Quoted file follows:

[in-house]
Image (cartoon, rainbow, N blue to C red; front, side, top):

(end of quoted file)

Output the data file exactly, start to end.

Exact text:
[in-house]
Image (cartoon, rainbow, N blue to C red; front, side, top):